A freshwater mountain stream in Rocky Mountain National Park. (Reproduced by permission of JLM Visuals.)
A freshwater mountain stream in Rocky Mountain National Park. (Reproduced by permission of
JLM Visuals

Most species can tolerate either saltwater or freshwater, but not both. Organisms that live in brackish habitats must be tolerant of a wide range of salt concentrations. The small fish known as killifish are common residents of estuaries, where within any day the salt concentration in tidal pools and creeks can vary from that of freshwater to that of the open ocean. During their spawning migrations, salmon and eels experience a range of salt concentration as they move through all three water environments: seawater, brackish water, and freshwater.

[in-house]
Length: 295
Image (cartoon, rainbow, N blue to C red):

Freshwater is chemically defined as water that contains less than 0.2 percent dissolved salts. Of all the water on Earth, less than 3 percent is freshwater. About two-thirds of all freshwater is locked up in ice, mainly in Greenland and the Antarctic.

The remaining freshwater—less than 1 percent of all the water on Earth—supports most plants and animals that live on land. This freshwater occurs on the surface in lakes, ponds, rivers, and streams and underground in the pores in soil and in subterranean aquifers in deep geological formations. Freshwater also is found in the atmosphere as clouds and precipitation.

Worldwide, agricultural irrigation uses about 80 percent of all freshwater. The remaining 20 percent is used for domestic consumption, as cooling water for electrical power plants, and for other industrial purposes. This figure varies widely from place to place. For example, China uses 87 percent of its available water for agriculture. The United States uses 40 percent for agriculture, 40 percent for electrical cooling, 10 percent for domestic consumption, and 10 percent for industrial purposes.

[ See also Hydrologic cycle ; Lake ; Ocean ; River ]

Also read article about Water from Wikipedia